Categories Earnings Call Transcripts, Health Care

Organigram Holdings Inc. (OGI) Q3 2022 Earnings Call Transcript

OGI Earnings Call - Final Transcript

Organigram Holdings Inc. (NASDAQ: OGI) Q3 2022 earnings call dated Jul. 14, 2022

Corporate Participants:

Craig MacPhail — Group Director

Beena Goldenberg — Chief Executive Officer

Derrick West — Chief Financial Officer

Analysts:

Rupesh Parikh — Oppenheimer & Co. — Analyst

Andrew Partheniou — Stifel GMP — Analyst

Aaron Grey — Alliance Global Partners — Analyst

Ty Collin — Eight Capital — Analyst

Matt Bottomley — Canaccord Genuity Inc. — Analyst

Frederico Gomes — ATB Capital Markets — Analyst

Tamy Chen — BMO Capital Markets — Analyst

Andrew Bond — Jefferies — Analyst

Douglas Miehm — RBC Capital Markets — Analyst

Michael Freeman — Raymond James Ltd. — Analyst

Presentation:

Operator

Good morning. My name is Rob, and I will be your conference operator today. At this time, I would like to welcome everyone to the OrganiGram Holdings Third Quarter Fiscal 2022 Earnings Conference Call. [Operator Instructions]

Craig MacPhail, you may begin your conference.

Craig MacPhail — Group Director

Good morning, and welcome to OrganiGram Holdings Inc.’s earnings conference call for the third quarter of fiscal year 2022. As a reminder, this conference call is being recorded, and a replay will be available on OrganiGram’s website. Further, references will be made to certain non-IFRS measures during this call, including adjusted EBITDA and adjusted gross margin. These measures do not have any standardized meaning under IFRS.

Our approach to calculating these measures may differ from other issuers, so these measures may not be directly comparable. As such, these non-IFRS measures are intended to provide additional information and should not be considered in isolation or as a substitute for measures of performance prepared in accordance with IFRS. Please see today’s earnings report for more information about these measures. Listeners should also be aware that in making certain statements relating to market share data, the company relies on reputable third-party data providers.

I would now like to introduce Beena Goldenberg, Chief Executive Officer of OrganiGram Holdings Inc. Please go ahead, Ms. Goldenberg.

Beena Goldenberg — Chief Executive Officer

Thank you, and good morning, everyone. With me is Derrick West, our Chief Financial Officer. For today’s call, we’ll discuss the financial results for the three months ended May 31, 2022, and I will provide a general business update. We will then open the call for questions. In the third quarter of fiscal 2022, we achieved our fourth consecutive quarter of record year-over-year revenue growth. This progress speaks to our ability to build enduring, recognizable brands and innovate to create consumer demand in multiple segments of the cannabis market.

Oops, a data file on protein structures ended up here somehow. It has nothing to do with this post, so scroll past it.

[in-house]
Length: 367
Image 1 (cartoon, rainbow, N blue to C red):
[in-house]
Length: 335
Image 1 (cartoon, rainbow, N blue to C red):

As well as top line growth, we continue to secure a growing share of the market. According to Hifyre data as of July 5, in the third quarter, we held the number 3 position in the Canadian recreational market with a 7.8% share, up from 7% in Q4 of fiscal ’21. We saw further momentum in June with an 8.5% share. With only 50 basis points separating the top three Canadian LPs in June, we are confident that our consumer-focused strategy will enable us to continue to [Indecipherable] for market leadership.

Our SHRED milled flower products are the top sellers in Canada with Funk Master, Tropic Thunder and Gnarberry holding the number 1, 2 and 3 positions. We also hold the number 3 position in the gummies category in terms of sales and are number 2 in terms of volumes sold. This includes SHRED’ems gummies and Monjour, our large-format CBD infused soft chews, both benefiting from new product introductions. Edison JOLTS, our unique high potency THC lozenge maintains its position as the top SKU in the capsules and mints category.

In the third quarter, we added two new flavors to the JOLT lineup, Electric Lemon and Arctic Cherry and both quickly took top 10 positions in the category. According to Brightfield Research, a survey of over 3,000 cannabis users conducted in calendar Q1 of 2022, our three largest brands, Edison, SHRED and Big Bag O’ Buds, all have Net Promoter Scores of over 80, which shows that when OrganiGram builds brands, we build ones that resonate and win with consumers.

The key to our growth strategy is to introduce new products to our lineup based on consumer insights and leveraging our brand. In the last quarter, we extended the SHRED brand with products in the flower, vapes and derivatives segments. SHRED X Kief-infused blends was launched in March. This product combines Kief with SHRED milled flower and is not available in seven provinces. SHRED X vapes, our 510 cartridges that were also introduced early in the quarter and were well received. With this launch, we have made gains in the Vape segment moving to the number 12 position in the category from number 22 back in January.

SHRED Dankmeister XL Bong Blends, a unique grind of SHRED milled flower designed for bong and pipe users was launched very recently in Ontario. Initial consumer reaction has been positive, and we plan to roll it out to all provinces. We also added two sour and three pop flavor extensions to the SHRED’ems gummies line, which has helped contribute to our overall third market position in that segment. Now our Edison brands have had additions in flower and derivatives. Besides Edison JOLTS mentioned previously, the Cherry Limelight strain was introduced through our in-house genetics program and made available in flower and in Live Resin Pax cartridges.